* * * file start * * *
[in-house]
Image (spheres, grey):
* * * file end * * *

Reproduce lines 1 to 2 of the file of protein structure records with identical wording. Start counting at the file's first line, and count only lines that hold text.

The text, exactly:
[in-house]
Image (spheres, grey):